1944 NORTH AMERICAN P-51D MUSTANG, “FEROCIOUS FRANKIE”

P-51 Mustang is a single-engine fighter aircraft originally designed and produced by North American Aviation for the British Royal Air Force (RAF) and later adopted by the U.S. Army Air Forces (USAAF). The P-51 is widely regarded as the finest all-around piston-engined fighter of World War II to be produced in significant numbers. The Mustang was designed and produced in 120 days by North American Aviation (NAA) in response to a requirement of the British Purchasing Commission. The Mustang first flew in October 1940, entered production in May 1941, and began combat operations with the RAF in April 1942. The most interesting thing regarding Mustang that the plane’s designer was a German immigrant, Edgar Schmued.

Allison engines were used in the first production of Mustang. Although excellent at lower levels, Allison engines severely limited performance at high altitude. In the meantime, the British had experimented with Mustangs fitted with the powerful Rolls-Royce Merlin engine, and they discovered that the Merlin’s efficient mechanical supercharger gave the fighter outstanding high-altitude performance. The engine produced under license by Packard in America is Packard Merlin V-1650. 12 cylinder liquid cooled, V piston engine is 1700 hp. The perfect fit of the engine on Mustang has created the P-51D Mustang, one of the most iconic and potent fighters of all time. P-51D is the most widely produced version. It has a Hamilton Standard 24D50 propeller and Plexiglas “bubble” canopy for all-around vision. Approximately 10,000 of these low-wing aircrafts with laminar flow were produced. Currently, there are only 90 Mustangs remaining airworthy.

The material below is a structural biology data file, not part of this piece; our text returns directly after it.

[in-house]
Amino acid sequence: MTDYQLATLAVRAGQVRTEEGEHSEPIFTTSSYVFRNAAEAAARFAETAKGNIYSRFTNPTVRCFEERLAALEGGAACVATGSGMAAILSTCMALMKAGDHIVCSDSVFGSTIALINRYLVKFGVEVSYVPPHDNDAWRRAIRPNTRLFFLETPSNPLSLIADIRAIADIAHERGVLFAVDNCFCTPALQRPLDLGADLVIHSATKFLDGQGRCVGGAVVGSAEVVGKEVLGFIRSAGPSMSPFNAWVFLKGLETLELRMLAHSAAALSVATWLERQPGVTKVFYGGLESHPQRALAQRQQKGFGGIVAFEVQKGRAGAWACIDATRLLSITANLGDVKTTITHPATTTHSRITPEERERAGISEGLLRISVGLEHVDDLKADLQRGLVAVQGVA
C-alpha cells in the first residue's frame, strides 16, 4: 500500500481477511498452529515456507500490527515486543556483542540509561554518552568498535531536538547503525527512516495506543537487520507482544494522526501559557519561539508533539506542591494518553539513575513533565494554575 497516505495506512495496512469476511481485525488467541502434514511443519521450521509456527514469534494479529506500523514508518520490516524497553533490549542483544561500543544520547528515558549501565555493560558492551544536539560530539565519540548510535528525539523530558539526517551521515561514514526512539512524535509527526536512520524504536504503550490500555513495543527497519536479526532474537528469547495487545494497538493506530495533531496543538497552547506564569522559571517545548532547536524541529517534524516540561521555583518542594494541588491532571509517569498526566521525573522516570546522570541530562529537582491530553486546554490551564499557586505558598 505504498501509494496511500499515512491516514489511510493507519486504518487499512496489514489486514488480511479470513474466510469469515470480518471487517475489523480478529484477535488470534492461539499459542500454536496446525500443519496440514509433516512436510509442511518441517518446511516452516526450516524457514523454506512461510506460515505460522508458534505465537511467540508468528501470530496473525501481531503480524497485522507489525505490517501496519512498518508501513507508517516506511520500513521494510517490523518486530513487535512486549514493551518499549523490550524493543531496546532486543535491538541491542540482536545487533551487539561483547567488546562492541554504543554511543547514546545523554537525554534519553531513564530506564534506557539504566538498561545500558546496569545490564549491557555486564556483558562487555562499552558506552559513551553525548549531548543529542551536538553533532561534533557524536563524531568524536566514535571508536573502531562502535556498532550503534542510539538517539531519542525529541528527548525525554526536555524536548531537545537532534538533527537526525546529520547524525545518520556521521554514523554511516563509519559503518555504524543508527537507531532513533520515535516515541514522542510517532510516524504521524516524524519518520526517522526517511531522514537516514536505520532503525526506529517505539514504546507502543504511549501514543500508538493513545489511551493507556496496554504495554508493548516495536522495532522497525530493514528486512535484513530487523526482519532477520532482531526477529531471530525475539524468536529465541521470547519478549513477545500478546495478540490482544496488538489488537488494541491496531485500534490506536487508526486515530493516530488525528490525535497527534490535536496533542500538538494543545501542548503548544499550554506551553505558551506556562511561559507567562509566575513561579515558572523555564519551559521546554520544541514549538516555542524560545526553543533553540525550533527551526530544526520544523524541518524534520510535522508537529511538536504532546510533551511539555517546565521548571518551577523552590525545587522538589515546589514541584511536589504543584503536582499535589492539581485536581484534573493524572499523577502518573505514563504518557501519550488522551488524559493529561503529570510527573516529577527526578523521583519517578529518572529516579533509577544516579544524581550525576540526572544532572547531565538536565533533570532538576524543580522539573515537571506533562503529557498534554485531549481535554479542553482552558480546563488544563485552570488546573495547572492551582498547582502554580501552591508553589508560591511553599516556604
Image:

Ferocious Frankie has fought in the WWII and took second place in the Reno Air Races (without modification). There are 8 nazi swastikas on the left side of the canopy that represent the number of enemy aircraft dropped by Ferocious Frankie in WWII. From the 1980s to the present day, she has appeared in the five Hollywood blockbusters including “Empire of the Sun, Hart’s War, Memphis Belle, Saving Private Ryan and Fury”. With all these characteristics, Ferocious Frankie has an enviable place in the aviation history. She took her famous name from its pilot’s wife, Frankie. The pilot named it Ferocious Frankie since she is as ferocious as his wife.

Airworthy 1944 model Mustang P-51D Ferocious Frankie with serial number 44-73149 was brought to M.S.Ö. Air & Space Museum in January 2018 by Ali İsmet ÖZTÜRK.

In Europe

Ferocious Frankie in European skies during WWII

Specifications:

Empty Weight

MTOW

Fuel Consumption

Maximum Speed

Cruising Speed

Stall Speed

Range

Range – Max. Ferry

Service Ceiling

G limits

3.465 KG

5.490 KG

227 lt/h (average)

505 mph

362 mph

100 mph

1850 miles (with 2 x 75 US gal fuel tanks)

2120 miles (with 2 x 110 US gal Fuel Tanks)

12.770 M (41,900 FT)

+8 G, -4 G

Armament:

  • 6 × 0.50 in (12.7 mm) machine guns; 400 rounds per inboard gun; 270 per outboard gun
  • 2 × hardpoints for up to 2,000 lb (907 kg) of bombs
  • 10 × 5 in (127 mm) rockets

 

Empty Weight  7635 lb

MTOW  5490 KG

Fuel Consumption 227 lt/h (average)

Maximum Speed  505 mph

Cruising Speed  362 mph

Stall Speed 100 mph

Range  1850 mi with 2 x 75 US gal (drop tanks)

Range – Max. Ferry  2120 mi with 2 x 110 US gal (drop tanks)

Service Ceiling  41,900 ft

G limits  +8 G , -4 G

Armament:

  • 6 × 0.50 in (12.7 mm) machine guns; 400 rounds per inboard gun; 270 per outboard gun
  • 2 × hardpoints for up to 2,000 lb (907 kg) of bombs
  • 10 × 5 in (127 mm) rockets